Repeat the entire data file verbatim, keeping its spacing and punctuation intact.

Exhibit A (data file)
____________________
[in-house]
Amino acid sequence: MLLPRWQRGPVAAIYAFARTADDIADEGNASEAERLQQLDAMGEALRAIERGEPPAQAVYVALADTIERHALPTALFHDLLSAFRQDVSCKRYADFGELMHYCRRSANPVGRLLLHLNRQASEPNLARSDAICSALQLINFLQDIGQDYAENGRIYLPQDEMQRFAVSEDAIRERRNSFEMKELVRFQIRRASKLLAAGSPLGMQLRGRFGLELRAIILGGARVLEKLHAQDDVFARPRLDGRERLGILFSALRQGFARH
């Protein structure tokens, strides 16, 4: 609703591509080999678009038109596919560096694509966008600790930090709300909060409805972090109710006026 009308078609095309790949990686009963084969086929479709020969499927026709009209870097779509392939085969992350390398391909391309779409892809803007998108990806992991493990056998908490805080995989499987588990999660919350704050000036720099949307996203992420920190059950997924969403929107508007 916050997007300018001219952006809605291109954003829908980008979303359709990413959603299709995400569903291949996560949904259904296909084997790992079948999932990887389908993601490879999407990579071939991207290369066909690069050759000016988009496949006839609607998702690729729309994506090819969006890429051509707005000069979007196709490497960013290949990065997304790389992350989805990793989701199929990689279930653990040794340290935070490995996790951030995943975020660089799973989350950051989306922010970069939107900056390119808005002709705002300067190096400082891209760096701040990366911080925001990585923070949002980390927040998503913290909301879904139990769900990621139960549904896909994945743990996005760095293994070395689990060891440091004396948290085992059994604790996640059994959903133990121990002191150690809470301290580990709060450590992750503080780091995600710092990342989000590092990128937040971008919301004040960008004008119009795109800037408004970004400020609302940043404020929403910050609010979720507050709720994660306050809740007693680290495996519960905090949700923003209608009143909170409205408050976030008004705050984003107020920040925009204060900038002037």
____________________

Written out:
[in-house]
Amino acid sequence: MLLPRWQRGPVAAIYAFARTADDIADEGNASEAERLQQLDAMGEALRAIERGEPPAQAVYVALADTIERHALPTALFHDLLSAFRQDVSCKRYADFGELMHYCRRSANPVGRLLLHLNRQASEPNLARSDAICSALQLINFLQDIGQDYAENGRIYLPQDEMQRFAVSEDAIRERRNSFEMKELVRFQIRRASKLLAAGSPLGMQLRGRFGLELRAIILGGARVLEKLHAQDDVFARPRLDGRERLGILFSALRQGFARH
């Protein structure tokens, strides 16, 4: 609703591509080999678009038109596919560096694509966008600790930090709300909060409805972090109710006026 009308078609095309790949990686009963084969086929479709020969499927026709009209870097779509392939085969992350390398391909391309779409892809803007998108990806992991493990056998908490805080995989499987588990999660919350704050000036720099949307996203992420920190059950997924969403929107508007 916050997007300018001219952006809605291109954003829908980008979303359709990413959603299709995400569903291949996560949904259904296909084997790992079948999932990887389908993601490879999407990579071939991207290369066909690069050759000016988009496949006839609607998702690729729309994506090819969006890429051509707005000069979007196709490497960013290949990065997304790389992350989805990793989701199929990689279930653990040794340290935070490995996790951030995943975020660089799973989350950051989306922010970069939107900056390119808005002709705002300067190096400082891209760096701040990366911080925001990585923070949002980390927040998503913290909301879904139990769900990621139960549904896909994945743990996005760095293994070395689990060891440091004396948290085992059994604790996640059994959903133990121990002191150690809470301290580990709060450590992750503080780091995600710092990342989000590092990128937040971008919301004040960008004008119009795109800037408004970004400020609302940043404020929403910050609010979720507050709720994660306050809740007693680290495996519960905090949700923003209608009143909170409205408050976030008004705050984003107020920040925009204060900038002037």